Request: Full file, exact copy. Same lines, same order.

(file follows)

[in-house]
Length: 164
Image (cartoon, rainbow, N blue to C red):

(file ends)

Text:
[in-house]
Length: 164
Image (cartoon, rainbow, N blue to C red):